What really strikes you in db Group’s megalomaniac project proposal for the ITS site in Pembroke is the utter disregard for the people who have been living in the apartment blocks across the road for years.
To peep into the mind of the people who are coldly plundering our land, polluting our air, blotting out our sun and denying us our fundamental right to live in peace, have a look at db’s Project Design Statement for its mega project.
It’s nothing short of messianic.
The “proposed city centre multi-use development”, we’re told, is “the brainchild of Silvio Debono”. With its 37-floor tower and 19-storey resort hotel for the filthy rich (“high-net-worth individuals”) metres away from 16 blocks of apartments of social housing, you’d think it’s a symptom of brain death. A brainless frenzy of concrete making. But nobody’s buying it.
The brainwave, I mean.
This is precisely the kind of mindless project that breaches our basic solar rights as common citizens, as mentioned in this newspaper’s editorial of May 10. When considering major development projects, the Planning Authority needs to take into consideration the solar access rights of a neighbourhood and specify conditions in the zoning ordinance, so that buildings are constructed far enough apart that they will be unlikely to shade neighbouring roofs.
In the case of db’s massive pseudo-development, whole apartment blocks will be buried alive.
The statement boldly claims that “just like the person behind this project”, the idea has “humble origins but an outstanding vision with immense potential”. Let’s deftly skip the “humble origins” bit. It’s normally inversely proportional to the zeal with which the destruction is meted out.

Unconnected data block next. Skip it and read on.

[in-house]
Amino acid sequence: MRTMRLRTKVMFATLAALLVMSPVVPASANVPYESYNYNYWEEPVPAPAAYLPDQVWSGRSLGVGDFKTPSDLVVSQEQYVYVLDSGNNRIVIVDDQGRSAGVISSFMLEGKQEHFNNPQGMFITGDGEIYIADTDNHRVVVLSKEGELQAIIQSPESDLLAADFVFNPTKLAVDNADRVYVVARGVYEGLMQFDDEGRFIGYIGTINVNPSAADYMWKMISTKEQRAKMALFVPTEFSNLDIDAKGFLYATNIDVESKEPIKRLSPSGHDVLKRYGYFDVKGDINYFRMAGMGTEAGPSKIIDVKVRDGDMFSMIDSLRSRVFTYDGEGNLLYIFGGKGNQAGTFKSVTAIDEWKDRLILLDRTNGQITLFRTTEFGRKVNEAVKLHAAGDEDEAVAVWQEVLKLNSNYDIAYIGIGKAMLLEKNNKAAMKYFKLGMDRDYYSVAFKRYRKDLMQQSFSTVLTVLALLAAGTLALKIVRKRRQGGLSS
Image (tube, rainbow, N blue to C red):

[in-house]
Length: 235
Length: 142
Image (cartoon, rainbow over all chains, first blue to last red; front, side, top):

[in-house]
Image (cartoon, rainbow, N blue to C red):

That leaves us with the “outstanding vision” that we’ve seen elsewhere in Malta. It’s the kind of vision that has for many years been steadily turning our island into a paragon of warped aesthetics, relentless traffic, insidious air pollution and the kind of unruliness and noise pollution that the Paceville side of Pembroke has already been experiencing for years.
Someone’s trying to take us for a ride. But we’re not hopping on
We cannot deny the developer’s claim that there’s “immense potential” in this for someone. But definitely not for the vast majority of us in the permanent shade of this monstrous project.
The developer estimates that the shadow of its 37-floor tower will reach the reverse osmosis plant in December.
And yet, in its photomontages of the project, the brainless blocks never cast an inch of shadow. But the trees planted in db’s aestheticised tarmac do. It reminds me of Guy Debord’s prophetic “society of spectacle” and what he calls “the superficial reign of images”.
Someone’s trying to take us for a ride. But we’re not hopping on.
The “outstanding vision” is that of a five-star hotel (464 rooms), a shopping mall, a residential tower, two public plazas and a casino grafted onto a residential area.
The vision, we’re told, lies in “the interaction or synergy between these elements that is expected to provide the novelty in Silvio’s concept”.
The brainwave is that of “grouping together” a number of “high-class hospitality services and facilities”. Here’s where we get a bit of inspirational physics: this grouping “would lead to a strong gravitational pull of activity, which would then benefit both the project itself and surrounding establishments”.
The “surrounding” what?
The developers refuse to see the people living 40 storeys below its proposed buildings. They only sees establishments.
While the class bully imposes his law of permanent shade, noise, traffic and air pollution on the lesser beings around him, the “high-net-worth individuals” get what their real estate agents are selling, a “stunning new project situated directly on the waterfront” and a “totally unique development, enjoying breathtaking open sea views, together with views overlooking the majority of the Maltese islands”.
While thousands of commuters and residents of St Julian’s, Swieqi, Pembroke and beyond wallow in the permanent gridlock on St Andrew’s Road and children reach for their asthma puffers, the new, gated community enjoys the “picturesque” views and the “ample space with lavish large terraces ideal for entertaining”.
Sadly for db Group and its ‘brainchild’, we’re neither invisible nor silenced.
And we refuse to be buried alive.
Adrian Grima, a writer and academic, lives in Pembroke.
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